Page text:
Monday, June 29, 2009

Happiness is not only free, it can save you money

We all know how we can save a few extra dollars if we really want to do so.

There's no shortage of money-saving tips around, including simply from what we can pick up by talking with our neighbours, family and friends and work colleagues.

For example, we know that it makes sense to buy groceries in bulk, and fresh produce when it is in season. It's cheap (not to mention better for the planet) to grow some of your own food and cook at home from scratch (I took the picture above of our lemon tree today, and that heavy, glowing lemon is destined for a pudding soon!). It's also a good idea to hunt around for the best deals on phone and internet, electricity etc. as well as selling stuff you don't use or want in a garage sale or online.
Buying season tickets with friends or family for access to attractions, entertainment venues and sports games is good value for money - my list goes on and on!

But there's one interesting thing I've noticed about my own spending habits. Emergencies aside, such as the fridge dying suddenly, or the car needing an unanticipated major service, my husband and I tend to spend more money when we are stressed or unhappy.

We consume more takeaway food when we're feeling too blah to organise ourselves to cook, and more beer and wine, and we visit cafes to buy more coffee and more cake. A little more chocolate and brie will sneak its way into the grocery shopping trolley than usual. And we're more likely to buy books or cds (the husband), earrings or makeup or visit the hairdresser's (me) in an effort to cheer ourselves up or out of a feeling that we deserve it because of recent bad breaks.

Disorganisation and stress go hand-in-hand in our home, and so we start to get late fines and other penalties because bills have been misplaced and library books go missing. I feel less optimistic about canvasing for freelance work, which results in an overall lower income at the end of the year.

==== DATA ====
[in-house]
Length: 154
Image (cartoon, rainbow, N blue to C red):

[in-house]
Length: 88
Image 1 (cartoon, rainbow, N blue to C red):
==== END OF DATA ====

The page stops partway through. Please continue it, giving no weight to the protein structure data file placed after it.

Looking longer term, stress, which I'm thinking of here as a physical manifestation of unhappiness, impacts our wellbeing over weeks and months. So, if we were to remain unhappy we could expect to have more doctor's bills to pay and medicines to buy because we're more suseptible to colds and flu, aches and pains.

Even longer term than that, stress is linked to heart disease and other illnesses which means more expenses.

What do you think? Is it possible that getting happy will help you cut expenses?

If so, then what? Does having more money make you even more happy?

What is happiness anyway and how do you 'get it'?

I hope to explore happiness and money further with you in future posts.

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1 comment:

  1. Some very good tips here Marilyn.
    I don't know what happiness really is ...
    It is so easy to spend money as therapy for a whole host of things going wrong in our lives.
    Happiness is hard to attain if you just acquire possessions and a huge bank balance and not love the people you are with or if you don't feel loved.
    Though I wouldn't say no to enough money for a house cleaner ...I don't think more money would make me happy.
    Maybe a little less anxious , because I would worry less about paying for schools, swimming lessons , medical treatments and other things for my boys but not to the money to buy them expensive toys. That they don't need.


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